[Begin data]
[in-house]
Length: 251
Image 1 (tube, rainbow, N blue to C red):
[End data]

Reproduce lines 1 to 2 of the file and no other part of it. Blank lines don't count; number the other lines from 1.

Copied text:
[in-house]
Length: 251